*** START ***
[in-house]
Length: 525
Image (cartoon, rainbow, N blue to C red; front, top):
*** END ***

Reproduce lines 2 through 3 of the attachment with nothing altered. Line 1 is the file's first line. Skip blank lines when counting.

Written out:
Length: 525
Image (cartoon, rainbow, N blue to C red; front, top):